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Geneva, IL Child Support Attorney

Kane County child support attorney

Attorney Helping Divorced and Unmarried Parents With Child Support Orders in Kane County

When a child's parents are not married, a child support order serves a crucial purpose to ensure that both parents continue to provide financially for the child's needs. However, establishing a child support order can be a confusing and stressful experience for parents, who may be concerned about being able to secure the support their child needs or to fulfill their payment obligation within their financial means. As with any family law matter, it is important to prepare for child support proceedings and make sure you understand how they are handled in Illinois.

Fortunately, parents can seek help from a knowledgeable family law attorney when they are unsure of how to handle child support matters on their own. At Loire Krajniak Law, LLC, we have 10 years of experience representing divorced and unmarried parents in their efforts to establish a fair child support order that meets their children's needs, and to modify or enforce that order as their circumstances change.

The Details of an Illinois Child Support Order

In Illinois, child support is intended to provide for the needs of minor children of unmarried parents until they reach the age of 18 or finish high school. Generally, a child support order will require one parent to make regular payments to the other, but Illinois has recently updated its method for calculating child support to better account for the abilities of both parents to contribute to their child's needs.

Under the Illinois income shares model, courts ask parents to provide detailed financial information to determine each parent's monthly net income. The two parents' incomes are then added together to approximate a "household income" and determine the amount that a household with that income level would typically spend on basic child-related expenses. This basic child support obligation is then allocated between the two parents in proportion to their individual incomes. The parent with the larger portion of the obligation—usually the parent with the larger income—will be the one to make payments.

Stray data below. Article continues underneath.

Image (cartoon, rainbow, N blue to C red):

However, a number of other factors can influence child support calculations as well. For example, courts will consider the number of children for whom support is necessary, the amount of parenting time that each parent has been allocated, and any other child support or spousal support obligations that a parent may have. The court will also often order child support beyond the basic obligation to account for child-related costs including:

  • Health insurance premiums
  • Extraordinary medical expenses
  • Special developmental needs
  • Additional educational and extracurricular expenses
  • Childcare expenses

When deciding whether to deviate from the basic obligation for these extraordinary expenses, the court will consider each parent's financial resources in addition to the child's needs. We can help you ensure that the court has all of the necessary information so that your child support order is fair to you and accounts for all of the costs of providing your child with a good life.

Modifying and Enforcing Child Support

A child support order may last for many years, and you may find that you need to revisit it as time goes on and your situation changes. For example, if your child's needs have changed, or if there has been a change in your income or that of the other parent, you may need to petition the court for a modification of the order that adjusts the amount of each payment. You may also need to take legal action to enforce the child support order if the other parent repeatedly misses payments. We can represent you in these matters to resolve any disputes with the other parent and ensure that your children continue to be well provided for.

Contact a Yorkville Child Support Attorney

For legal matters that affect you and your children, it helps to have an experienced and compassionate attorney on your side. Contact us today at 630-448-2406 to schedule a free consultation. We serve clients throughout Kane County and the surrounding areas, including Yorkville, Geneva, Sugar Grove, Big Rock, Bristol, Plano, and Aurora.

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